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- Prime Minister of the United Kingdom since 2019
- British politician
Following mounting pressure and incontrovertible evidence, prime minister Boris Johnson has for the first time admitted that he attended a gathering in the garden of Downing Street in May 2020 – during the UK’s first national COVID lockdown and at a time when group gatherings were prohibited.
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Johnson started his weekly Prime Minister’s Questions by offering “heartfelt apologies”, saying that he knows the “rage” people feel with him and the government over perceptions that the “rules are not being properly followed” by those who make them. But what did we really learn from his appearance at PMQs? Here are three key takeaways that help reveal what’s really going on behind the apology.
1. Johnson is buying time
Numerous MPs have already demanded the prime minister resign over this scandal. At PMQs, Labour leader Keir Starmer said Johnson should “do the decent thing” and quit, noting that Matt Hancock resigned as health secretary when he broke the rules, as did his former adviser Allegra Stratton when a video emerged of her joking about one such party.
Nonetheless, the prime minister is clearly going to try to ride this one out. He has brushed off plenty of scandals in the past few years (see: Barnard Castle affair, business support for former lover Jennifer Arcuri, the Number 10 flat refurbishment, and so on).
In making a statement before parliament, Johnson tried to neuter his critics. It was a carefully worded admission that conceded mistakes but equally contained several key caveats on the nature of the May gathering – notably Johnson’s belief that it was a “work event”.
The prime minister then blocked all further avenues for discussion by deflecting every subsequent question from MPs with the insistence that they must wait for the outcome of the official inquiry into lockdown gatherings at Downing Street.
All this buys Johnson more time. If the inquiry report is not too damaging, it gives him wiggle room to claim it was an honest mistake. It creates distance between him and the revelations of the recent past. The storm might just blow over.
2. He is sorry – that he got caught
The ongoing saga of the potentially illegal gatherings at Downing Street has gone through many twists. Initially, Johnson denied the gatherings took place at all. When evidence to the contrary surfaced, he admitted there may have been gatherings but that all guidance was followed. When this line became untenable, Johnson switched to minimising his knowledge of events.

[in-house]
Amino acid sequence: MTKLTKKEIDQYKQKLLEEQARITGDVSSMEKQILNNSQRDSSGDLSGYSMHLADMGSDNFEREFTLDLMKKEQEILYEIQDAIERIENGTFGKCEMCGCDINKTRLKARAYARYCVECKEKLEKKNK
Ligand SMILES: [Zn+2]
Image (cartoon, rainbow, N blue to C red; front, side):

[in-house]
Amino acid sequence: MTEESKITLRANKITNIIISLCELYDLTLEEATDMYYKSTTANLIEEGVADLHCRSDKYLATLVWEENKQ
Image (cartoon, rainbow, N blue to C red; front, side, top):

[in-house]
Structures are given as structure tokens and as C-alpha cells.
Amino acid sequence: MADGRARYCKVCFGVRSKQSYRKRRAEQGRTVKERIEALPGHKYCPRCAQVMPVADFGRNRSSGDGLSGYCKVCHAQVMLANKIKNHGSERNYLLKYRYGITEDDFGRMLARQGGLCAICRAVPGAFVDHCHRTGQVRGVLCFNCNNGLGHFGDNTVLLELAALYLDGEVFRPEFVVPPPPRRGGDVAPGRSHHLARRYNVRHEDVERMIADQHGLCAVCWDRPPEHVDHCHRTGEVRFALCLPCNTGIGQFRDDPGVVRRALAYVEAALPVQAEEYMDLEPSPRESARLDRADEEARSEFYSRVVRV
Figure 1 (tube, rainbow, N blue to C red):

Now, in the latest turn, Johnson has been forced to admit that gatherings happened and that he was there. He claimed that he only attended for about 25 minutes to thank staff for their efforts but acknowledged that he “should have sent everyone back inside”. Although some have claimed they believe the apology is genuine, Starmer attacked it as a ruse conjured up after “months of deceit and deception”. Here, Starmer argued was “the pathetic spectacle of a man who has run out of road”.
Whether genuine or not, there is little doubt that this apology only occurred because Johnson had no other choice. The evidence was too strong and, had Johnson not started PMQs on the offensive, Starmer would have been in a position of significant strength. We will never now know what blows might have been landed had Johnson not proffered an admission of sorts. This way, he got to add in all the excuses he wanted.
In the end, the apology was a clever piece of oratory. It appeared to reveal contrition but was less about breaking the law than it was about perception. Johnson admitted that “it could have been said technically to fall within the guidance” but that he should have considered that “there would be millions and millions of people who simply would not see it that way.”
3. It did happen after all – but it wasn’t a party
Although Johnson has now admitted that there was a gathering and he was present at it, he still refuses to refer to it as a “party”. This, of course, plays into his narrative that it was a simple oversight and something that could happen to anyone. He wants to convince people that it was an accident that is now being blown out of proportion by the media and rival politicians.
Admitting wrongdoing – whether inadvertent or not – is a key shift in the situation. It’s rare for Johnson to concede any ground at all on matters of this kind. However, refusing to acknowledge it as a party is also important. Doing so would be the final step in admitting the law was broken. Instead, Johnson suggested that the garden at Number 10 is considered an “extension of the office” – one that has seen “constant use because of the role of fresh air in stopping the virus”.
Many members of the public will find this argument an extension of credulity, particularly when they look back on their own lives in May 2020. But it’s a lifeline for Johnson and we can be sure that he will stick to this argument like glue. If only he could demonstrate the same commitment to his own COVID regulations.
Chris Stafford does not work for, consult, own shares in or receive funding from any company or organisation that would benefit from this article, and has disclosed no relevant affiliations beyond their academic appointment.